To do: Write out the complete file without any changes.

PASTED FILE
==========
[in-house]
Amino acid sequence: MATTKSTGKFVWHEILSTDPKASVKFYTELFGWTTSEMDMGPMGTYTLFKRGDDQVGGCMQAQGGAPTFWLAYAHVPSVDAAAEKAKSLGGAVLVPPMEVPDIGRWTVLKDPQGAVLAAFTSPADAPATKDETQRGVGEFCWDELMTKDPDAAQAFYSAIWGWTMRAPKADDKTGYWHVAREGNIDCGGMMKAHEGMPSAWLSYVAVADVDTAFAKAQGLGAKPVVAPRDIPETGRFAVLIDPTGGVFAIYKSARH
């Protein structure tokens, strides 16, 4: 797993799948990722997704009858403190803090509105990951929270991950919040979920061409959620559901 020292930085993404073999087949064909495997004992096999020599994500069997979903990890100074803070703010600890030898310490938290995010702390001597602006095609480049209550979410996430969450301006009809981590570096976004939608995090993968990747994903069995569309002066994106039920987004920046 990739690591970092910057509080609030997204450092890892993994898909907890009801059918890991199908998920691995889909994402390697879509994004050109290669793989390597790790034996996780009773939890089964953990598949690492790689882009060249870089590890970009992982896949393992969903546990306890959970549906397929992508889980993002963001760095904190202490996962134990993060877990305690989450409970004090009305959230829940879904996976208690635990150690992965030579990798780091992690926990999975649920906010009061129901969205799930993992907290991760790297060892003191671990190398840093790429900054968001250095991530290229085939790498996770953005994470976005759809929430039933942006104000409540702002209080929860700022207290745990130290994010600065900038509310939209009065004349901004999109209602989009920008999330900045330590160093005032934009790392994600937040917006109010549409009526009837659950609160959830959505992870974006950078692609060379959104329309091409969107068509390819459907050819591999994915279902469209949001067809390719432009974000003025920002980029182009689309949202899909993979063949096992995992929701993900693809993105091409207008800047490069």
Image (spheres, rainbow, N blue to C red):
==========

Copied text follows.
[in-house]
Amino acid sequence: MATTKSTGKFVWHEILSTDPKASVKFYTELFGWTTSEMDMGPMGTYTLFKRGDDQVGGCMQAQGGAPTFWLAYAHVPSVDAAAEKAKSLGGAVLVPPMEVPDIGRWTVLKDPQGAVLAAFTSPADAPATKDETQRGVGEFCWDELMTKDPDAAQAFYSAIWGWTMRAPKADDKTGYWHVAREGNIDCGGMMKAHEGMPSAWLSYVAVADVDTAFAKAQGLGAKPVVAPRDIPETGRFAVLIDPTGGVFAIYKSARH
């Protein structure tokens, strides 16, 4: 797993799948990722997704009858403190803090509105990951929270991950919040979920061409959620559901 020292930085993404073999087949064909495997004992096999020599994500069997979903990890100074803070703010600890030898310490938290995010702390001597602006095609480049209550979410996430969450301006009809981590570096976004939608995090993968990747994903069995569309002066994106039920987004920046 990739690591970092910057509080609030997204450092890892993994898909907890009801059918890991199908998920691995889909994402390697879509994004050109290669793989390597790790034996996780009773939890089964953990598949690492790689882009060249870089590890970009992982896949393992969903546990306890959970549906397929992508889980993002963001760095904190202490996962134990993060877990305690989450409970004090009305959230829940879904996976208690635990150690992965030579990798780091992690926990999975649920906010009061129901969205799930993992907290991760790297060892003191671990190398840093790429900054968001250095991530290229085939790498996770953005994470976005759809929430039933942006104000409540702002209080929860700022207290745990130290994010600065900038509310939209009065004349901004999109209602989009920008999330900045330590160093005032934009790392994600937040917006109010549409009526009837659950609160959830959505992870974006950078692609060379959104329309091409969107068509390819459907050819591999994915279902469209949001067809390719432009974000003025920002980029182009689309949202899909993979063949096992995992929701993900693809993105091409207008800047490069």
Image (spheres, rainbow, N blue to C red):